Council plans will destroy Kangaroo Pt – residents

Kangaroo Point residents are angry about Brisbane City Council plans they say will destroy character housing in the area.

More than 100 residents attended a meeting with Councillor Helen Abrahams last week to discuss the Brisbane City Council’s Kangaroo Point South Renewal Strategy.

Preserve Kangaroo Point spokesman Trevor Gordon said the area’s character housing was in danger of being lost.

“This is a heritage area. This is where tourists come to see Brisbane at its absolute best,” he said.

“The objective of tonight is to get people understanding that Kangaroo Point is under threat. Make no bones about it, this will destroy Kangaroo Point.”

Cr Abrahams said residents were worried many character houses in the area would lose their protection, and developments of up to 20 storeys would be allowed in some streets.

“There is a lot of opposition to the removal of the tin and timber houses in the area called Raymond Park South,” she said.

She said she counted 155 old tin and timber houses in the area which would lose their protection under the draft.

But Neighbourhood Planning and Development Assessment Committee chairwoman Councillor Amanda Cooper said most character housing in the area would be protected.

“The Draft Renewal Strategy ensures that more than 70 percent of traditional character housing in the area will continue to be protected,” she said.

The area would be improved by the plan, which would provide a greater range of services, activities and public transport for residents, Cr Cooper said.

Maree Avalos of Preserve Kangaroo Point said although the residents were not against all development, 20 storeys was too high for the area.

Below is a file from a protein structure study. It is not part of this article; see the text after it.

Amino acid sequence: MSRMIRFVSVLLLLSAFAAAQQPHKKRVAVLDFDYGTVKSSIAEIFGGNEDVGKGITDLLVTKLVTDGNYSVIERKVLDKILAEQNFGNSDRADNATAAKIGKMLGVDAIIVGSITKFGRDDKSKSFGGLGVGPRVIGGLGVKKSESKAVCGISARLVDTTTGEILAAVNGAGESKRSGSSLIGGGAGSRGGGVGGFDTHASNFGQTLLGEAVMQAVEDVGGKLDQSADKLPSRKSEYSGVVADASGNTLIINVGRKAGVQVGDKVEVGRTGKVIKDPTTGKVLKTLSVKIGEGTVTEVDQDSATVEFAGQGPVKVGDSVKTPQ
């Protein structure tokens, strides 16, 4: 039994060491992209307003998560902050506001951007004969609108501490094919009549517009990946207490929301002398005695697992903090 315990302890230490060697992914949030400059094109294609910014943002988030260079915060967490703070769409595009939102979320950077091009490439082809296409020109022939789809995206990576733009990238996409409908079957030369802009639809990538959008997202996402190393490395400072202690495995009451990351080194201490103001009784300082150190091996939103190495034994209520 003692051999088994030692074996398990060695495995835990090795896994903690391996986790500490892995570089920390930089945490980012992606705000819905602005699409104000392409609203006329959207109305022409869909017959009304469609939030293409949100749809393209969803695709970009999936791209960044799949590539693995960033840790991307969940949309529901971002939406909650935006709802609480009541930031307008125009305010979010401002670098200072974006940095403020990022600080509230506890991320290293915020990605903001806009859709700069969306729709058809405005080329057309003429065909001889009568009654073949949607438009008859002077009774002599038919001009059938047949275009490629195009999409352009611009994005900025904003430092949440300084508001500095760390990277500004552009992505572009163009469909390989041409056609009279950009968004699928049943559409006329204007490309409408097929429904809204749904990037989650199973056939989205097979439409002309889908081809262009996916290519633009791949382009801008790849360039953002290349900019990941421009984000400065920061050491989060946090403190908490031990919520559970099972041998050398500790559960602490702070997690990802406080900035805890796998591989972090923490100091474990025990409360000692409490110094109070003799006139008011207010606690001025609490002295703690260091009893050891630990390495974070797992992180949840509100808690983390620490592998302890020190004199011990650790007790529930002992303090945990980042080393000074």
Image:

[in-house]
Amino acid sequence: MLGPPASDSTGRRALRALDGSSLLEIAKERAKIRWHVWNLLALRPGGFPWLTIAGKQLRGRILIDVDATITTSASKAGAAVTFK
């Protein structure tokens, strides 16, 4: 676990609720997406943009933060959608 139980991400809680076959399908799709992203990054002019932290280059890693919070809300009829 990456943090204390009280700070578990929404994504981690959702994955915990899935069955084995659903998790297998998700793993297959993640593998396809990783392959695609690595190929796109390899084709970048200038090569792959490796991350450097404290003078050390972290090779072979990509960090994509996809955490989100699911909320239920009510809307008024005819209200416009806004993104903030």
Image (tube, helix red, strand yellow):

“It doesn’t make sense to impose these sorts of building approvals across an area that’s basically 120 years old,” she said.

“This 20-storey proposal here is like having two blocks of Telstra towers, wall-to-wall across streets that are not even wide enough for two cars to park on either side.”

Queensland University of Technology School of Urban Development Associate Professor Phil Heywood said the development was part of a larger trend towards higher density in inner-city areas.

He said the developments were being done without consideration of the overall effect, and the infrastructure of some inner-city areas would be unable to cope with a larger population.

“It’s a question that needs to be examined in Kangaroo Point,” he said.

But he doubted the infrastructure in the area could cope with the extra 6,000 residents and 14,000 daily workers proposed under the plan.

Members of the community are preparing to meet with Cr Cooper and city planners at Kangaroo Point cliffs on Saturday, June 5 to voice their concerns.

Cr Abrahams urged residents to contact the Council and the media throughout the draft process.

She said the strength of the community meant it had an opportunity to make changes to the plan.

“I believe that if it stays focussed, it has all the potential to turn around and take some of the excesses away from this proposed plan,” she said.

Photo: Tin and timber houses near Raymond Park, Kangaroo Point (picture by Anthony Gough)

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